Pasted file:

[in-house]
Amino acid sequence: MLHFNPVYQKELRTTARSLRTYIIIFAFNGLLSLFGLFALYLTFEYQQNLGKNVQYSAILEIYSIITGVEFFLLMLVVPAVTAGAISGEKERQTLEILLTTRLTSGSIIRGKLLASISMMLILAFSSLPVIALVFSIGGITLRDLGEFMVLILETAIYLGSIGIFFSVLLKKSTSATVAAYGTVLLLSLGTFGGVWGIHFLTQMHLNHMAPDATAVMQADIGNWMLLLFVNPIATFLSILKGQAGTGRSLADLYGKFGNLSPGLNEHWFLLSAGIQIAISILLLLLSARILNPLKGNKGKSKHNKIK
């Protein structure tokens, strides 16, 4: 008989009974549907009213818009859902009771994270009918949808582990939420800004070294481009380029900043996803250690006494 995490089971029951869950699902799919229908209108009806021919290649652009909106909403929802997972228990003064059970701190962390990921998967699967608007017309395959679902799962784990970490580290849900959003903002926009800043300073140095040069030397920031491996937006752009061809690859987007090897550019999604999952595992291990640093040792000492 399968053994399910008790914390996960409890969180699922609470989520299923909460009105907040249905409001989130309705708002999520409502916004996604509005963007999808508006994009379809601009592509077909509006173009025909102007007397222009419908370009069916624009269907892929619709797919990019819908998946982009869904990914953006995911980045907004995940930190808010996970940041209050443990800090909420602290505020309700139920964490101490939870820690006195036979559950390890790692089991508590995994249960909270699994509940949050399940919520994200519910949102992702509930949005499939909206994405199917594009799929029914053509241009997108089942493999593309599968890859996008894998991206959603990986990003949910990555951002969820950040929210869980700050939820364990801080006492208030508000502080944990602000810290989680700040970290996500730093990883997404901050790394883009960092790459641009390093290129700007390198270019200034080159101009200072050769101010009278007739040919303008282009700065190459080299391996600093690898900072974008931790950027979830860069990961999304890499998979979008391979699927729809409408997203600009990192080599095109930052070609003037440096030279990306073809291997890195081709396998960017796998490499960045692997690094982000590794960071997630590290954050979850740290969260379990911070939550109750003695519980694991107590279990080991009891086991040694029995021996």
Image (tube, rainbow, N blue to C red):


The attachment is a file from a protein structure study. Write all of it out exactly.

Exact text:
[in-house]
Amino acid sequence: MLHFNPVYQKELRTTARSLRTYIIIFAFNGLLSLFGLFALYLTFEYQQNLGKNVQYSAILEIYSIITGVEFFLLMLVVPAVTAGAISGEKERQTLEILLTTRLTSGSIIRGKLLASISMMLILAFSSLPVIALVFSIGGITLRDLGEFMVLILETAIYLGSIGIFFSVLLKKSTSATVAAYGTVLLLSLGTFGGVWGIHFLTQMHLNHMAPDATAVMQADIGNWMLLLFVNPIATFLSILKGQAGTGRSLADLYGKFGNLSPGLNEHWFLLSAGIQIAISILLLLLSARILNPLKGNKGKSKHNKIK
């Protein structure tokens, strides 16, 4: 008989009974549907009213818009859902009771994270009918949808582990939420800004070294481009380029900043996803250690006494 995490089971029951869950699902799919229908209108009806021919290649652009909106909403929802997972228990003064059970701190962390990921998967699967608007017309395959679902799962784990970490580290849900959003903002926009800043300073140095040069030397920031491996937006752009061809690859987007090897550019999604999952595992291990640093040792000492 399968053994399910008790914390996960409890969180699922609470989520299923909460009105907040249905409001989130309705708002999520409502916004996604509005963007999808508006994009379809601009592509077909509006173009025909102007007397222009419908370009069916624009269907892929619709797919990019819908998946982009869904990914953006995911980045907004995940930190808010996970940041209050443990800090909420602290505020309700139920964490101490939870820690006195036979559950390890790692089991508590995994249960909270699994509940949050399940919520994200519910949102992702509930949005499939909206994405199917594009799929029914053509241009997108089942493999593309599968890859996008894998991206959603990986990003949910990555951002969820950040929210869980700050939820364990801080006492208030508000502080944990602000810290989680700040970290996500730093990883997404901050790394883009960092790459641009390093290129700007390198270019200034080159101009200072050769101010009278007739040919303008282009700065190459080299391996600093690898900072974008931790950027979830860069990961999304890499998979979008391979699927729809409408997203600009990192080599095109930052070609003037440096030279990306073809291997890195081709396998960017796998490499960045692997690094982000590794960071997630590290954050979850740290969260379990911070939550109750003695519980694991107590279990080991009891086991040694029995021996």
Image (tube, rainbow, N blue to C red):